I recently reviewed Rise of Insanity for Nintendo Switch. You can read my completely spoiler free discussion about it riiiiiggght here! So, my opinion of Rise of Insanity is very mixed. I shall give you a little summary: the plot twist is too obvious, there’s too much reading, the jump scares are fleeting scares. On the flip side the pacing is good, the environment design is good and the price point is good. But what I’d really like to discuss is Rise of Insanity’s treatment of the mentally ill.
In the game you play as Dr Stephen Dowell, and sometimes his alter-ego Eddie. My understanding is that Dr Dowell is a quack (hence the collectable in the game being rubber ducks… Well, this is the theory I subscribe to anyway). He feels that his wife cheated on him with his alter-ego Eddie, and became pregnant. Due to this perception, he devises a way to hypnotise Eddie into murdering his wife and child (although Eddie honestly seems the nicer of the two). This is a plot twist that is painfully obvious from the beginning, and perhaps a lazy one.
Mental health has a big stigma around it, especially the conditions that are less well known or experienced. What I want to challenge is the unimaginative choice of using something like DID (Dissociative Identity Disorder) to portray a murderous villain by saying “oh it was him all along, he’s just got alters”. For me, this is not scary for several reasons.
Firstly, it’s based in reality but it’s not realistic. People with DID are not all psychopathic murders. In fact, alters can often arise as a result of trauma or from the need for protection. People with DID are often the victims, not the big bad. This is an awful stigma that follows people around because in the past it’s been an easy troupe for creating a “different” bad guy. Now I’m not saying that horror has to be based in what can happen, things like ghosts and werewolves etc can be horrifying, but they aren’t based in reality and don’t have real life consequences for sufferers.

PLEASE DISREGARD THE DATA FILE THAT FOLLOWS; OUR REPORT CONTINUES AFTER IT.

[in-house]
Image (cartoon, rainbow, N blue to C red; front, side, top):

Secondly, I just think it’s antiquated to be using mental health as a horror troupe. We are moving into an age where we are encouraging people to be more open and accepting of mental health issues, and if the only exposure we have to certain things is through the lens of a villain or a horror, it’s really not helpful.
Now, I know the creators of Rise of Insanity weren’t setting out to hurt anyone. They just wanted to create an interesting horror experience, primarily for VR I think. But I do believe it’s our responsibility to make sure that we are being creative without being damaging.
I understand that I as an individual who does not have DID or know anyone with it cannot talk on this subject with much authority. I’m merely putting forth my opinions. I’d love to hear from people who may have different or more informed opinions, so please do let me know.Become a Patron!